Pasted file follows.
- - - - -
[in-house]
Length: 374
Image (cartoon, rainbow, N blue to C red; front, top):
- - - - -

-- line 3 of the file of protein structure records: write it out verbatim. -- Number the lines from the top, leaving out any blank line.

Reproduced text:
Image (cartoon, rainbow, N blue to C red; front, top):